Nordiska Museum is a must visit while in Stockholm, because it displays the cultural history and ethnography of Sweden from the Early Modern age until the contemporary period and no visit to a country can be complete unless you take a look into their own culture and society. Add-on is the unique architecture of this museum, Dutch-influenced Danish Renaissance architecture, which has no similarity with any Swedish historical model.
The museum open every day from 10-17 except on Wednesday, when it is open till 20 o’clock. The extra time offers free entry to the museum and luckily I was in Stockholm in a Wednesday. Otherwise the ticket is 100SEK. Entry is free for less than 18 years olds. The museum is situated in Djurgarden in central Stockholm, in a very convenient position. You can take Bus 69 or Tram 7 to Djurgarden and walk for 2 minutes to the museum.
The level 2 is the area you usually enter through the stairs. It consists of “Stora Hallen ” or the big hall. In this level, there are the butik/shop, children’ s playhouse , restaurant and temporary exhibition. When I was there, the exhibition showed “Paris in Black n white”. Except this, the enormous sculpture of King Gustav Vasa, the Swedish so called founder-king and the Folkhemmet apartment displaying heavy retro furnitures and models of the early museum construction are in this level. The silver utensils used by the kings are also kept here along with models of chariots, the board games and magicians’ objects.
In the level 3, I first visited, the “traditions” Here the Swedish way of life of the common people is depicted starting from the birth, marriage and ending in death. Their food in contrast to the riches are simple and basic, sausage and bread. Their dresses, shoes,festive decoration and marriage rituals are depicted nicely.
However, in the next section: “table settings”, it shows the ultimate luxury on food, and drinks along with fine decorations. There are fine glass made plates and bowls, gold and silver decorative utensils along with the models of traditional Swedish foods. And their table setting is really an inspiration how you could decorate your own table.
The table setting shows a late 16th century dining table, a banquet table featuring confectionery from the late 17th century, a table laid for serving Swedish punch, a table for a special dinner and for a tea party from the 18th century, a breakfast table and one laid for serving aquavit in the 19th century. A 20th century coffee party table will also be on display.
Next I went to the Toy room, delineating the models of Swedish army and vehicles, trains used by them and the general population. The textile room shows the local fabrics and thread works.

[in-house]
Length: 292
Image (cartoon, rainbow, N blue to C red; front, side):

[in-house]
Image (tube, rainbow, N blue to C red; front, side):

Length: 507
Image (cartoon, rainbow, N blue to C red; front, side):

‘Brewing beer is not a black art, it is a skilled craft. Each of the ingredients in beer – malt, water, hops and yeast – can be varied in several ways and can be combined in an infinite set of variations’. A Taste of Hops is an exhibition about home-brewing past and present. The jewellery section is on Fashion, status and identity. Many necklaces, bracelets, pendants, brooches, earrings, rings symbolising fidelity, mourning and memorial jewellery and bridal crowns are kept here.Pieces of jewellery having magical significance, considered to bring the wearer luck or offer protection from illness, accidents or the forces of evil are also displayed.
The ‘power of fashion’ shows the evolution of dresses and styles from early modern age to present. The home and interior is situated in the 4th level along with Sápmi, small things and folk arts. Home & interior is an exhibition about how people have lived and furnished their homes in Sweden throughout the ages. It is for those with an interest in art and designing. Some of the things you will see in the exhibition are Axel Oxenstierna’s chair from ca 1650, a miniature commode from 1750 which belonged to King Gustav III when he was a child, a bean bag from 1972 etc.
The Sami are the indigenous people of the states of Sweden, Norway, Finland and Russia existed. There are at least 20,000 Sami in Sweden.They long lived by the north of Sweden hunting, gathering, fishing and reindeer herding. The Sápmi is the display of their culture, instruments, shoes and daily used objects.
The folk art section shows driving forces and sources of inspiration depicting the proportions and shape of the human body, nature, the interior decorations of parish churches and bible stories, noble coats of arms and royal monograms.
When I went to the museum in Summer, it was pretty late and the museum was closed. I took the outside architecture mostly then. But this time in winter at Stockholm, I saw the whole interior and I think you should visit it too.
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